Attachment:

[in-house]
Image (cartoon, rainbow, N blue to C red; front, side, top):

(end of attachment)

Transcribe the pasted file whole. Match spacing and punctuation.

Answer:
[in-house]
Image (cartoon, rainbow, N blue to C red; front, side, top):